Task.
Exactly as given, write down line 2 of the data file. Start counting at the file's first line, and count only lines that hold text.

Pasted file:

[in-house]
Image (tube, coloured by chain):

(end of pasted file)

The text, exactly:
Image (tube, coloured by chain):